Looking at updating your CV? Here’s what NOT to include!
People often talk about what you must include in a CV, but rarely about what not to include!
With how buoyant the job market is right now, many people are using this time to give their CV a little update and see what’s out there. You may have heard the stories of people in tech getting £30,000 – £40,000 pay increases when they move companies, and it’s no exaggeration. It’s enough for anyone to start exploring a new career move!
But what if it’s been a hot minute since you’ve updated your CV? What do you include? And more importantly, what do you not include!? Well, have no fear. Here are some of Revoco’s top CV no-nos to help you on your way.
1) Having spelling/punctuation/grammar mistakes
This is often a big stickler for hiring managers. As someone who’s dyslexic, I know how much of a challenge it can be, but try to have someone you know (and trust) to read over it for you.
I can’t recommend Grammarly enough. It’s free and it’ll not only catch spelling mistakes but also catch a lot of grammar mistakes often missed by MS word.
2) Attaching a picture or headshot
In many countries, it’s common practice to include a headshot, however, in the UK it’s not.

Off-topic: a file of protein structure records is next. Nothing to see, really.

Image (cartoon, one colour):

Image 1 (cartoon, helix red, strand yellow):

Although this shouldn’t be the case, having a photo of your CV can also open yourself up to unconscious bias from hiring managers. So, in our opinion, it’s best to avoid it!
3) Including irrelevant information
We find it best to try to keep your CV to 1-2 pages – which doesn’t a great deal of space. So, make sure you’re only including relevant information about the job you’re applying for.
When I include something on my CV, I often ask myself ‘so what?’. “I achieved X” – so what? Why would a hiring manager find this interesting/relevant? If you can answer that, great! If you can’t, maybe have a think about whether to include it in your CV.
4) Poorly formatted CV
Although we don’t totally believe the statement that ‘recruiters and hiring managers only spent 7 seconds looking at your CV’, we do agree that first appearances matter. This is why you want your CV formatted nicely.
Is the relevant information where it should be? Is it visually appealing?
To avoid your CV’s format getting lost or messed up in transit, send it as a PDF rather than a Word document.
5) Private Information
Now, this may seem a little obvious, but over years it appears not! Avoid including any private information that isn’t needed.
Whether that’s protected information that could lead to unconscious bias (like age or marital status), to sensitive information that could (if in the wrong hands) lead to fraud. This includes things like your NI or passport number, or even your address – just but rough location, i.e central London, or Bristol BS3.
Now, this isn’t an all-inclusive list of things to not do, but it’s definitely some of the main things to try and avoid in our opinion.
If you’re looking for a little bit of advice on your CV, give one of the Revoco team a message – we’d be more than happy to help!